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Child Abuse in Family Emotional Process
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Code: DJ 5.2 (1) Smith
Price: $9.50
1 - I understand that this article is for my personal use only. 2 - Reproduction or systematic distribution of all or any part of this article without permission is prohibited. The volume discount to make copies of the articles for educational and training purposes is 20% off each article. Please contact us at or at 202-965-4400 to order at the volume rate. 3 - Access to the article will remain in effect for 24 hours and allows no more than one download of the article. 4 - If I have an ID and password used in this purchase, I will not provide it to anyone else.
Walter Howard Smith, Jr., PhD

This paper uses Bowen family systems theory to explore child abuse as an aspect of family adaptation to challenging and threatening circumstances. Child abuse is defined as violence that is directed toward children, results in harm or injury, and interferes with child maturation. As a symptom of individual and family functioning, child abuse reflects basic emotional processes. The way these families respond to stressful events and circumstances triggers their perceiving family responses as threats. Aggression and violence become ways of managing these threats. The essay describes how perceived threats and child abuse are aspects of chronic conditions in families. In some instances, these conditions are sustained for generations.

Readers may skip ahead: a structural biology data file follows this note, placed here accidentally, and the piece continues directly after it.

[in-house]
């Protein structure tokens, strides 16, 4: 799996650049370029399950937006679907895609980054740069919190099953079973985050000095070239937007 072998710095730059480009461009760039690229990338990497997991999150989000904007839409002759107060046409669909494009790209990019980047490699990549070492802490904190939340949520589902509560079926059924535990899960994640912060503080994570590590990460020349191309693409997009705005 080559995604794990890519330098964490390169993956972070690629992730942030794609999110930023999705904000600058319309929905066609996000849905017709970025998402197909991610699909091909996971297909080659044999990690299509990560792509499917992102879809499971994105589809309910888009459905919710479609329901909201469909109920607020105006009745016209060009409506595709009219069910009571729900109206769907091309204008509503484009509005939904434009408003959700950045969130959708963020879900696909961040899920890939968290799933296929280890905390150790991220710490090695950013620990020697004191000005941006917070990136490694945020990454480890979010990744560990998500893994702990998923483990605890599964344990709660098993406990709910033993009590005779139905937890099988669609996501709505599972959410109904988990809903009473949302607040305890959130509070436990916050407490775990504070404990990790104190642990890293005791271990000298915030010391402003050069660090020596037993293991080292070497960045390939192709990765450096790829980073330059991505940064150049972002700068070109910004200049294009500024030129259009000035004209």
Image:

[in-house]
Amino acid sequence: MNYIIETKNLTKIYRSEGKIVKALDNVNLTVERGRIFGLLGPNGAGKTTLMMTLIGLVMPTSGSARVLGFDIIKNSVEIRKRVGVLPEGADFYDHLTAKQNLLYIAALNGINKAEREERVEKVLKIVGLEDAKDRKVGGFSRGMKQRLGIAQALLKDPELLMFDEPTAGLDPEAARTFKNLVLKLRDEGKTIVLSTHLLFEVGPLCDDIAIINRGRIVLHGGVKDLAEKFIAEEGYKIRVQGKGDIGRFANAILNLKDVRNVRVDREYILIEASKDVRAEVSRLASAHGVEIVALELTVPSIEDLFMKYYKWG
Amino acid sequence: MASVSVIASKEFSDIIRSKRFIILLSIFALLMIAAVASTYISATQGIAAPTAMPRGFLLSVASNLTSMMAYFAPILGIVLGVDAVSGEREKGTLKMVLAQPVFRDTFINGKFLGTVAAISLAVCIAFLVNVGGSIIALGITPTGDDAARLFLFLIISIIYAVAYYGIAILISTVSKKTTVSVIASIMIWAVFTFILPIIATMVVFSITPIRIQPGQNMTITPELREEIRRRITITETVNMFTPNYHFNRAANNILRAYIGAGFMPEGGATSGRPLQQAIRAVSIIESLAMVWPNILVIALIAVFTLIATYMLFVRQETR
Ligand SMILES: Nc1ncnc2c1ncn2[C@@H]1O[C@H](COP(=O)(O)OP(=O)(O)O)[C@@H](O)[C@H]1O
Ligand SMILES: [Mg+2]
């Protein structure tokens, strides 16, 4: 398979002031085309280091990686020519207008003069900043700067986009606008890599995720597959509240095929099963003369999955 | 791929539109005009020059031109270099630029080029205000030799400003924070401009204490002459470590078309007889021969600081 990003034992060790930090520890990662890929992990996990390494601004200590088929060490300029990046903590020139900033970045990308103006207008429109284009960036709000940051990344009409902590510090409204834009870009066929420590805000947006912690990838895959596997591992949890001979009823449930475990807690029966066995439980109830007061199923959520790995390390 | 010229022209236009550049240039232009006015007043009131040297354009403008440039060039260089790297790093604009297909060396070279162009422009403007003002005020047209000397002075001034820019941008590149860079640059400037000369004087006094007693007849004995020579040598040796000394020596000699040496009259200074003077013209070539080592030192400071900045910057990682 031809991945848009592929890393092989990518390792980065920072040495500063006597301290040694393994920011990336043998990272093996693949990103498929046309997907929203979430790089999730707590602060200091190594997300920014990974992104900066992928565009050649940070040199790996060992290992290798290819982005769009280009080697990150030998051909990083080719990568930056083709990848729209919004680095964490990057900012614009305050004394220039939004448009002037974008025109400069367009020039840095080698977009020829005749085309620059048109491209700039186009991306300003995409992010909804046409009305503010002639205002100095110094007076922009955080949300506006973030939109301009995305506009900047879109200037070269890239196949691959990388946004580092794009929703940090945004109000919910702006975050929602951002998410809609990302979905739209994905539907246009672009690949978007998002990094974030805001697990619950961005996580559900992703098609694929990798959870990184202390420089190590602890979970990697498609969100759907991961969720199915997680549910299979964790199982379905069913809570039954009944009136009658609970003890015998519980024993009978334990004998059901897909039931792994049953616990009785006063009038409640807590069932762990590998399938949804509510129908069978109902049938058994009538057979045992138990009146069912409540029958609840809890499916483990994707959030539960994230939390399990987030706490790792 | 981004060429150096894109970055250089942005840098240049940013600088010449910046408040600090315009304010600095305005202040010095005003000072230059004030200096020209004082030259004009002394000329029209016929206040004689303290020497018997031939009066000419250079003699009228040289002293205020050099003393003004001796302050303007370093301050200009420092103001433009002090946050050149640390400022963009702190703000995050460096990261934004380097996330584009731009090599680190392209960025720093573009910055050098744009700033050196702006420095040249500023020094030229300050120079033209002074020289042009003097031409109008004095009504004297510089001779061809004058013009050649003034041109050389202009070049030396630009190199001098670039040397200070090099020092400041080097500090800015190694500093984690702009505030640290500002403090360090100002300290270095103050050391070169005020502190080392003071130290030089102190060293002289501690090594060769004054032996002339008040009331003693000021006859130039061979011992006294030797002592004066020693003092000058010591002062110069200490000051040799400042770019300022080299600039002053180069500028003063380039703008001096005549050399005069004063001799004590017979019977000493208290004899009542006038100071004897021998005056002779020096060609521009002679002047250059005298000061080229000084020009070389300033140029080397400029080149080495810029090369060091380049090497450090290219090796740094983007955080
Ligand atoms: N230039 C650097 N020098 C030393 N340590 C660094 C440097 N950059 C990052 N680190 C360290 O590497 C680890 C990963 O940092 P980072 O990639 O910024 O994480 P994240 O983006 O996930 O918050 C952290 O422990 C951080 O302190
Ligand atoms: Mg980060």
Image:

While child abuse injures children, it stabilizes family relationships. This complicates professional and family efforts to simply change the behavior. Bowen theory provides a conceptual and theoretical framework for professionals to create effective clinical hypotheses and interventions which address both the specific behaviors of child abuse and the basic family emotional processes which sustain the symptom.

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